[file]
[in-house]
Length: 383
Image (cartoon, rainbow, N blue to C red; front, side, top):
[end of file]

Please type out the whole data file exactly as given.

[in-house]
Length: 383
Image (cartoon, rainbow, N blue to C red; front, side, top):